Jonathan Pearce made a comment in the discussion thread to “God or Godless and a Tippling Philosopher (Part 2)” which caught my attention. He said:
“if you ascribe to the Kalam cosmological argument AND believe in free will, one refutes the other, since free will implies ex nihilo creation (or a causal chain), so there CAN be ex nihilo creation straight away denying the premise 1 of the kca.”
I’ve heard many objections to the Kalam cosmological argument, but I can’t say I heard that one (perhaps I need to get out more). So I replied to Jonathan asking for clarification:
“I think you’re [sic] claim here could have been made more perspicuous. Here’s the premise:
“(1) Everything that begins to exist has a cause.
“So let’s say the cause of my choosing cherry pie is my intention to choose cherry pie. Are you thinking that this would commit the libertarian to thinking that the intention arises de novo without cause which would contradict (1)?”
So let’s try this out:
(1) Everything that begins to exist has a cause.
(2) My intention to choose cherry pie began to exist.
(3) Therefore, my intention to choose cherry pie had a cause.
No problem so far. But then we ask where does the intention come from? That seems straightforward: I like cherry pie. Thus the intention is causally explained by the fact that I have a taste for cherry pie.
To sum up:
I chose cherry pie because I intended to choose cherry pie.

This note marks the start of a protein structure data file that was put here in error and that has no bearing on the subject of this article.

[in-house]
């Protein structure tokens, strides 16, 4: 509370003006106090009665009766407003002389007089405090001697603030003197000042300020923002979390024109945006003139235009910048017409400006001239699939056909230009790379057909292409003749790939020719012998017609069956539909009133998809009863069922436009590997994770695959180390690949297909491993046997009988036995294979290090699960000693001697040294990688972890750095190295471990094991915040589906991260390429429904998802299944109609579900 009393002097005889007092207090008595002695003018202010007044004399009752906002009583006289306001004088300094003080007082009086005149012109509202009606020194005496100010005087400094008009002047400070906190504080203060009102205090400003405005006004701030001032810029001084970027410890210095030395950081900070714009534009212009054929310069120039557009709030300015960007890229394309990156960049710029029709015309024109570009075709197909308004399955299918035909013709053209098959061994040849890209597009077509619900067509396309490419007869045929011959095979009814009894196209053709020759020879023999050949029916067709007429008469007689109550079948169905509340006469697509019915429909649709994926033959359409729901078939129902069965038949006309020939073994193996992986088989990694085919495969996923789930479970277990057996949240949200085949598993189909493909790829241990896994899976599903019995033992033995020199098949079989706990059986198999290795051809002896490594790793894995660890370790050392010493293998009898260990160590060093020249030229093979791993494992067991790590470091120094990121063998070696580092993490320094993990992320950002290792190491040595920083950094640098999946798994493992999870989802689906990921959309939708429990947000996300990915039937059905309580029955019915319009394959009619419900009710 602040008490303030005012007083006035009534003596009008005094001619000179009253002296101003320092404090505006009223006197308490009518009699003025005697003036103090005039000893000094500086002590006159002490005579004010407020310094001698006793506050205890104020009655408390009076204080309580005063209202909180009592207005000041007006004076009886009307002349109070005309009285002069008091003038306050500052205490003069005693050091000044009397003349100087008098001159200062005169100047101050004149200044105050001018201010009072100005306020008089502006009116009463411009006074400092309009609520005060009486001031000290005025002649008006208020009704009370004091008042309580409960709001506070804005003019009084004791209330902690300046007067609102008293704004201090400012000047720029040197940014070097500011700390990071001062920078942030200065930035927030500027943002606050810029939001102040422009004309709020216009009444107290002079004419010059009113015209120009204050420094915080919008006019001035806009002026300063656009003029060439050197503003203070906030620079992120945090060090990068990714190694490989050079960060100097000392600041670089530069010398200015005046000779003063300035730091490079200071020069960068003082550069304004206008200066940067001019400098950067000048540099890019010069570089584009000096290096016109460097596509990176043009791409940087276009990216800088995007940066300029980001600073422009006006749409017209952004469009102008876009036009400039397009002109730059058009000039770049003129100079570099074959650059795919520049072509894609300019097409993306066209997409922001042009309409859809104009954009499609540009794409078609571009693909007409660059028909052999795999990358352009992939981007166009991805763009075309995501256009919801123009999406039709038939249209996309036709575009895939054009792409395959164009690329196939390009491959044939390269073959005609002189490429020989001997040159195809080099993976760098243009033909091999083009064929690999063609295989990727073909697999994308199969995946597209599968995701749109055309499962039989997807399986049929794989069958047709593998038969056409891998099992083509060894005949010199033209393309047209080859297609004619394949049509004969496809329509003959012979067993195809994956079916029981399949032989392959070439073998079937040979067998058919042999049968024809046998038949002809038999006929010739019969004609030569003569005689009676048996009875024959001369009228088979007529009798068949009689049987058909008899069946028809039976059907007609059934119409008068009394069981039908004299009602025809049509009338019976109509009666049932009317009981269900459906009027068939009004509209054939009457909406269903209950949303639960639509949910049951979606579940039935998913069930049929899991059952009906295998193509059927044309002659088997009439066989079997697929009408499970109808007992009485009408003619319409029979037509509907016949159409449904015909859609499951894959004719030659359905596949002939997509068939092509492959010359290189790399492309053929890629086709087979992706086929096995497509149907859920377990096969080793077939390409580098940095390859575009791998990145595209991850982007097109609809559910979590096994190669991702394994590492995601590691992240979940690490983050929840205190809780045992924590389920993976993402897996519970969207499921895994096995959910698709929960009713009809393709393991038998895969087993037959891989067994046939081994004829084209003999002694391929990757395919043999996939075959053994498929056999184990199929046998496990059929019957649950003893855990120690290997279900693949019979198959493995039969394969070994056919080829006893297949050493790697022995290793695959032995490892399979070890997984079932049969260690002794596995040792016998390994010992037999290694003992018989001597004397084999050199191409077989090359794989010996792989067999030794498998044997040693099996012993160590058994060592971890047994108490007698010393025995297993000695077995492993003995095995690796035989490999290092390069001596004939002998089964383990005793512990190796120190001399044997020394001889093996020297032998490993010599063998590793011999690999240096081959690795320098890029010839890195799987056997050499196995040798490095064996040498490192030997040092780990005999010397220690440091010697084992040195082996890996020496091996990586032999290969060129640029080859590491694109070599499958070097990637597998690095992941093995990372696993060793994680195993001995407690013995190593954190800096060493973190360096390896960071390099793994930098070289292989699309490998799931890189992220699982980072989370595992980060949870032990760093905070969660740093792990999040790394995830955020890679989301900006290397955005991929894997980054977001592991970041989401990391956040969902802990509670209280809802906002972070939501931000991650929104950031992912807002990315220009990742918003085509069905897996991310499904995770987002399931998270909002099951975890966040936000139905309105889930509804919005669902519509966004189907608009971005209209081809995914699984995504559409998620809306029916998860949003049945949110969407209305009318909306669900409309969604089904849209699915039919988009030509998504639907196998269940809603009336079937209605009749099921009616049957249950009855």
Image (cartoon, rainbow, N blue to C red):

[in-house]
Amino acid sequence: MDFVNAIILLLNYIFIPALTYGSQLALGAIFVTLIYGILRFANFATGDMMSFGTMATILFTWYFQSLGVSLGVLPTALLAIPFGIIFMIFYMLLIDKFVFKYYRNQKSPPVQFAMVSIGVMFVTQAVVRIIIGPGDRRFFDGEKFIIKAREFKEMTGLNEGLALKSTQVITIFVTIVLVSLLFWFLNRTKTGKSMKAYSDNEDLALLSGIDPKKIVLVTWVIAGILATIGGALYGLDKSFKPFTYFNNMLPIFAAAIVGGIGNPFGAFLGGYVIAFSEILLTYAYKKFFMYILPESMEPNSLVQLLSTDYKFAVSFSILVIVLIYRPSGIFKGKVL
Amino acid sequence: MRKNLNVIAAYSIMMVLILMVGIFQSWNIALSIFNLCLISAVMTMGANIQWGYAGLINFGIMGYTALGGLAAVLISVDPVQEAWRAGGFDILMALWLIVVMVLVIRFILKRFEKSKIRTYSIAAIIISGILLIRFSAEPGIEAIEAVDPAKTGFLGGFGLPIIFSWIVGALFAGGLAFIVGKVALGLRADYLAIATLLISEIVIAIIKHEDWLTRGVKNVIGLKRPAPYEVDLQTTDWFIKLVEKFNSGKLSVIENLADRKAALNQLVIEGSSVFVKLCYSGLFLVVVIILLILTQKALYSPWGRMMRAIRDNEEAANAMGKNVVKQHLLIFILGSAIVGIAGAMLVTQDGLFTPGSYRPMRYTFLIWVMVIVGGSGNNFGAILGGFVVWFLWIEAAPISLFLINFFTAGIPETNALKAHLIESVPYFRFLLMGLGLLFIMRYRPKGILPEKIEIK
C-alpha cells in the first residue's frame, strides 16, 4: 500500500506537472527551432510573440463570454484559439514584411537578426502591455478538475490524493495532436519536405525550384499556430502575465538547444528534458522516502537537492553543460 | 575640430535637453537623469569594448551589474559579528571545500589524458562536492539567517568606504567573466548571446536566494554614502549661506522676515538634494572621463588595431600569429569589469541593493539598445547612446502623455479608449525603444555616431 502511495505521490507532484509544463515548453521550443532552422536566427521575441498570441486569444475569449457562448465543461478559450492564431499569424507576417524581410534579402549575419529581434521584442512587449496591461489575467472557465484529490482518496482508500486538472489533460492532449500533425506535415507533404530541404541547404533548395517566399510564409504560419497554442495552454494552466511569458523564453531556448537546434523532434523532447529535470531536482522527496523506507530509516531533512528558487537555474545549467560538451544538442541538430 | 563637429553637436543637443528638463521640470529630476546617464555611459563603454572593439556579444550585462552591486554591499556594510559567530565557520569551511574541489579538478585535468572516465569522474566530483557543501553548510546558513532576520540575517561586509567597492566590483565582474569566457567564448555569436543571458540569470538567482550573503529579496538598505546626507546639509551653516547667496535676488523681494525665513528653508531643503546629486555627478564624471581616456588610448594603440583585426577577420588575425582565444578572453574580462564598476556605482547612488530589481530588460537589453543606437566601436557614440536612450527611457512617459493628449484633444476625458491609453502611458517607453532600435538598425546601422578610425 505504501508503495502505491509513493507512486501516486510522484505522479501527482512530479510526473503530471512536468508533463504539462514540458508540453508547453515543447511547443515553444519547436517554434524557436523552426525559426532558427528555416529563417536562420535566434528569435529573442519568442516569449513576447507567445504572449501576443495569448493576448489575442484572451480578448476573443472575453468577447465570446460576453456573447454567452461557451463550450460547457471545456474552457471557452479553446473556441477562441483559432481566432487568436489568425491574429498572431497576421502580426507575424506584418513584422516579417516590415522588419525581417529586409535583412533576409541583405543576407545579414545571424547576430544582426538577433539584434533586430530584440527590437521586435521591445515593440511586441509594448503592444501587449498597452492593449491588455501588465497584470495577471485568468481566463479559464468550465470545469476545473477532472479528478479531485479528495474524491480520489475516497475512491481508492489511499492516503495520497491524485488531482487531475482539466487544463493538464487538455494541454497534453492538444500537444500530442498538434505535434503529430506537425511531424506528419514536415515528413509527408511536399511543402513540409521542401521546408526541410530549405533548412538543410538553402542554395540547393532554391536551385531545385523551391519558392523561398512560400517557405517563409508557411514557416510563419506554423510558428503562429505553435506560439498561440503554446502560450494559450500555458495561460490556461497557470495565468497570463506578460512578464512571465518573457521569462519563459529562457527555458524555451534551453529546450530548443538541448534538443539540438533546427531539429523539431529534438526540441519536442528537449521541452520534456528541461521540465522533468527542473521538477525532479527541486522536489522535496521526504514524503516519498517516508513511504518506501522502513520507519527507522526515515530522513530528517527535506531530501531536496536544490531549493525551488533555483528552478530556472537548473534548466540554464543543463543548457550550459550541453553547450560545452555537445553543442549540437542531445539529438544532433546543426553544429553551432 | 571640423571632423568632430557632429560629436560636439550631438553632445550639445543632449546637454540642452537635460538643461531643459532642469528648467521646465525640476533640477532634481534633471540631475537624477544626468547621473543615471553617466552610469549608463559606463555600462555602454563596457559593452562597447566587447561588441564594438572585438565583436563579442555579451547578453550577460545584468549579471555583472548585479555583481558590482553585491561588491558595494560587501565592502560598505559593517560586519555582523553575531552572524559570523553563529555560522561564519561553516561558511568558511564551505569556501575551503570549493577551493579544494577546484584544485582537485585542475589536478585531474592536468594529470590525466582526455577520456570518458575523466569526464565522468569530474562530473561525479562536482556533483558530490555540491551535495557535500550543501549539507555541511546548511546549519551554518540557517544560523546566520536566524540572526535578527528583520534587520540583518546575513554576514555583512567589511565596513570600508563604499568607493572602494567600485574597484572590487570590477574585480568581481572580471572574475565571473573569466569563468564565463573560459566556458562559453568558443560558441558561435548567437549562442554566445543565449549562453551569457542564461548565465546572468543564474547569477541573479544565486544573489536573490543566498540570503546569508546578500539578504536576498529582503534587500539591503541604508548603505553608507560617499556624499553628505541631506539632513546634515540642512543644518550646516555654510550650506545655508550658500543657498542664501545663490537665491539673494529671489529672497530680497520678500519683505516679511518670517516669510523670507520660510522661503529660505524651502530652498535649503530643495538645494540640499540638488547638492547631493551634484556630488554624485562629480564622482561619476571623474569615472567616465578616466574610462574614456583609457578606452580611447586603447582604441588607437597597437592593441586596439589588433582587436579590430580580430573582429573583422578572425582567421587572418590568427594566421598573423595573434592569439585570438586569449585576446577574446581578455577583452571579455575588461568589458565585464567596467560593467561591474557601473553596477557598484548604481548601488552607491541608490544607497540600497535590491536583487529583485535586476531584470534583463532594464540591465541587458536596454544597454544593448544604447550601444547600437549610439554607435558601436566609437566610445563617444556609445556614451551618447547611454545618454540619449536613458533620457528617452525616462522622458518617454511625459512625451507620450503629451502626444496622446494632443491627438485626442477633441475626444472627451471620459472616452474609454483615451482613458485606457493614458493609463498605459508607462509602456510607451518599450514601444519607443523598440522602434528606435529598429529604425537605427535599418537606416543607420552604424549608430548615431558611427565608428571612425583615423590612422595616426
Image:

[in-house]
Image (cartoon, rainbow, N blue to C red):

I intended to choose cherry pie because I like cherry pie.
So I suppose Jonathan now wants to know why I like cherry pie. No doubt the answer is complex and includes facts of neurochemistry, personal history, and much in between. No violation of (1) so far.
Maybe Jonathan will say “Aha! But then you were determined to choose the cherry pie!”
But of course a libertarian who accepts a contra-causal account of free will won’t accept this. Instead, they’ll say that while I chose cherry pie I could have done otherwise. I was not determined to choose it.
Now Jonathan can certainly quibble with whether the action was free or not. He may insist that any explanatory cause (such as “I like cherry pie”) is thereby a determinative efficient cause. But I’m under no obligation to accept that claim. And indeed I don’t. So there is no incompatibility between accepting both (1) and libertarian freedom. A person may reject (1) or they may reject libertarian freedom. But they don’t have to reject (1) because they accept libertarian freedom, and they don’t have to reject libertarian freedom because they accept (1).